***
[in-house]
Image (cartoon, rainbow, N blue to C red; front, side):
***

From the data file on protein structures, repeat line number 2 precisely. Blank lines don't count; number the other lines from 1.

Image (cartoon, rainbow, N blue to C red; front, side):